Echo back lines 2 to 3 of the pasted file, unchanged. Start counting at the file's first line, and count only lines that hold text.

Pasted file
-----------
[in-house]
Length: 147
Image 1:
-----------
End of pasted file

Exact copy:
Length: 147
Image 1: